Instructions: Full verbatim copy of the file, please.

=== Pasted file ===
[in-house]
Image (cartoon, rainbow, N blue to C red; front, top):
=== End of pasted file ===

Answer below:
[in-house]
Image (cartoon, rainbow, N blue to C red; front, top):